We’re already a week away from our weekend in prayer. What a great time it was, though. While we were there I asked the group to share thoughts about the weekend for the blog here if they wanted. Ade Oyemola took me up on it. Thanks Ade!
Here’s what she had to say:
“Likewise, the Spirit also helpeth our infirmities: for we know not what we should pray for as we ought: but the Spirit itself maketh intercession for us with groanings which cannot be uttered” (Romans 8:26).
As we read through Romans 8, I was comforted by the fact that the Spirit groans within us. At times, when we do not know what to pray for, the Spirit provides the groanings that cannot be uttered. It made me think: it’s okay to not have words. Some things need groanings and do not call for words- possibly because there aren’t any. It says, the Holy Spirit itself maketh intercession for us with groanings which cannot be uttered (Romans 8:26). After discussing this section of scripture, we prayed. Brian prayed for anybody who may have been feeling like their life was just a groan. Like they dragged themselves there to the retreat. That resonated with me. During that time, I felt like something broke. There was a heaviness that I had been carrying, but whatever that weight was, it’s gone. Praise God!
In all these things, sufferings, trials, tribulation, distress, the things that cause us to not know what we should pray for, the things that require the Spirit of God to intercede with groanings for us, it is in these things that God works, and He works for the good of them that love God, to them that are the called, according to His purpose.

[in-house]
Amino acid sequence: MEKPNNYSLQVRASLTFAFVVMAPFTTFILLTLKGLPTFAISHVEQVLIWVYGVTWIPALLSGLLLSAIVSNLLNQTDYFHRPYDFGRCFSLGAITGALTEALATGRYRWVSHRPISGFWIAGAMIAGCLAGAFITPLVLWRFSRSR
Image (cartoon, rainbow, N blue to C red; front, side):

In addition to the above, the Lord used Hebrews 12:2-3 to encourage me and remind me to endure. The author of Hebrews writes, “Looking unto Jesus the author and finisher of our faith; who for the joy that was set before Him endured the cross, despising the shame, and is set down at the right hand of the throne of God. For consider Him that endured such contradiction of sinners against Himself, lest ye be wearied and faint in your minds.” I was encouraged to look unto Jesus Christ. The sufferings and the trials are part of the privilege of being a child of God (2 Timothy 2:3). No, they are not the end of the story, but part of the story within which God works.
While the sufferings are inevitable, the Lord is using it to work in us something for our good. Although the sufferings may have an appearance of being defeated, or seems as though we are “accounted as sheep for the slaughter” (Romans 8:26), the truth is, in spite of what it looks like, we are “more than conquerors through Him that loved us” (Romans 8:37). God is for us. He predestinated us, called us, justified us, glorified us (Romans 8:30), is praying through us by His Spirit (Romans 8:26), and interceding for us from heaven (Romans 8:34). It’s victory all around. May He give us strength to endure and grace to see beyond the groanings of our present trials.